It’s been a while since you’ve caught a cold thanks to Covid restrictions, but now the “worst cold ever found” …
So how can you fight the bug while encouraging it to get out of your system as soon as possible?
A cold is a mild viral infection of the nose, throat, and sinuses.
It can cause a sore throat, a blocked or runny nose, sneezing, coughing, and pain, and a fever.
Symptoms usually go away on their own in a week or two and can be helped with acetaminophen and ibuprofen.
However, it takes a while for the cold that brings down thousands of British people to change in most people, and many complain that it is the worst they have ever had.
This is partly because, thanks to social distancing and bans, we haven’t been sharing germs so easily in a while.
So we’ve forgotten what it feels like to have a cold, and so has our bodies – with immunity from practice in the fight against the winter beetles.
Keep in mind, however, that Covid can cause cold-like symptoms even in double-hit people – so make sure you are tested for safety while you are resting and try not to infect others.
If it’s just the classic cold, there are a few key things you can do to help out the nasty winter virus.
You’ve probably heard this before and it’s an old woman’s tale, but eating more garlic can help you stay fit.
Nutritionist Cassandra Barns said that garlic can help protect your immune system and relieve a cold once you catch it.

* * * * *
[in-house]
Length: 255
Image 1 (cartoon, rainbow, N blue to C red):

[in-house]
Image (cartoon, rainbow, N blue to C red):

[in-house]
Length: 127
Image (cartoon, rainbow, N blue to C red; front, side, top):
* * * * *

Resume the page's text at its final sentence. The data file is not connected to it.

“Garlic is known for its protective properties and has been used for centuries to boost your immunity,” she said.
“As a powerful immune supporter, garlic increases the activity of natural killer cells and increases the efficiency of antibody production.
“If you don’t like its taste, you can also try taking a dietary supplement.”
It doesn’t have to be much, and it depends on how you feel if you’ve already been infected – you will know your body best.
But just a little movement can strengthen your immune system.
Dr. Marilyn Glenville, nutritionist and author of The Natural Health Bible for Women, said, “Exercise reduces the effects of the stress hormones that make us more susceptible to colds and flu.
“Usually when these hormones are released we are in ‘fight or flight’ mode and we become active.
“So when we are active, it actually helps to break down the stress hormones instead of building them up and destroying immune function.”
This might be more difficult now that we are all doing the best we can to get around properly but where to try and cut down on the amount you drink.
It can help prevent you from ingesting germs as your body is better prepared to fight them.
“Alcohol, like too much sugar, can have a depressant effect on your immune system,” said Cassandra.
“That doesn’t mean you have to give it up altogether – not much fun over the holiday season – but think twice about how much you’re drinking if you want to stay away from colds and flu in winter.”
When you’re stressed, it becomes harder for your body to fight bugs or infections.
Cassandra said, “Stress suppresses your immune system.